I eventually ran across a bassist on YouTube going by thegreenbandits and read in a comment reply that he was simply using the direct output jack (cabinet emulator) of a DigiTech Metal Master into a mixer and then into his computer to get a decent approximation. Seriously?! The out-of-production Metal Master was a rival of the infamous Boss MT-2 Metal Zone, marketed to hair metal guitarists. I had read a few posts mentioning the MT-2, but had written them off. The more I was thinking about it, the more the “it sounds like a can of bees” effect made sense: searing fuzziness without the compression of a typical fuzz circuit. I ordered one of each. The Digi arrived first and I couldn’t believe it - it wasn’t exactly Peter Steele, but it was pretty damn close. The MT-2 has a more tweakable design with additional tone knobs and an adjustable gain. Placing the Bass Muff in front of either is interesting since the compression seems to smooth out the waveform a little and add some sustain. However, the trade-off is the Muff also makes the lower notes and palm mutes a bit muddy. For other cheap options, some seem to have had luck using a Boss HM-3 Hyper Metal, Boss HM-2 Heavy Metal, or a Biyang Metal End to get something similar to Peter's distortion. I imagine the Boss ML-2 might be a viable option, and for something for nearly nothing, there's the Behringer HD300. So, if you happen to have one of those lying around already, give it a try and please send me your opnion or a sound clip.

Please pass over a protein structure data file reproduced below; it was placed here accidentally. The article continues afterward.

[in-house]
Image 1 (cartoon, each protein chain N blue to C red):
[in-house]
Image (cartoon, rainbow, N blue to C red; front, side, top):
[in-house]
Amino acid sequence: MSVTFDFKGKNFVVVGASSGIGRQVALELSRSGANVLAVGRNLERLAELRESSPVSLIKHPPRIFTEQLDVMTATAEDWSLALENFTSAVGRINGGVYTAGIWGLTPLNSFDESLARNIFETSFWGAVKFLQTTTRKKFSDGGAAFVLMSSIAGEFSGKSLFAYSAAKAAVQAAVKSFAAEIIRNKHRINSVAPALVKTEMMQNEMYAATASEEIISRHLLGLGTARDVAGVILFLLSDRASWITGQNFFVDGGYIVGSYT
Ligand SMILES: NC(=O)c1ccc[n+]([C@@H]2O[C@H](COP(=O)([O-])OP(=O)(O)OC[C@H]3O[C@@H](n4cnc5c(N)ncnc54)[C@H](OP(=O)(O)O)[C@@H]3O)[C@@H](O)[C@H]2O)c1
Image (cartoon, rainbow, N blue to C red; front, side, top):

I couldn't verify this, but I believe Peter was running his bass into the Peavey preamps, then placing the Boss pedal chains between the preamps and the power amps, like an effects loop. I recalled how terrible a lone DS-1 had done in the loop, but how well it performed feeding the Spirytus. So, I wondered if the DS-1 may have been used to push the Peavey preamp instead? Placing the MT-2 at the end of the chain definitely smoothed out the harshness of the DS-1, getting me a more aggressive sound I associate with footage from the Bloody Kisses tour. I then played with the settings and found that if I had a lone MT-2 with the gain maxed, I could get a similar (though slightly more aggressive) tone with the MT-2 set at half the gain and the DS-1 at Peter’s settings. Engaging the DS-1 in this configuration added that sizzle and pushed the harmonics better, but at the expense of tightness. The DS-1 in front of the Metal Master (it has an internally set gain) produces a truckload of sustain, which can turn into feedback ...this could be a plus to some. Using the MT-2 or Metal Master on their own is a perfectly fine option when trying to minimize pedal usage, and I eventually chose to omit the DS-1 altogether for a smoother tone.